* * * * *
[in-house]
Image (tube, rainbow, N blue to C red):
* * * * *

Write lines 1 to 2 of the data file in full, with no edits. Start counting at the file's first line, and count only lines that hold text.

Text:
[in-house]
Image (tube, rainbow, N blue to C red):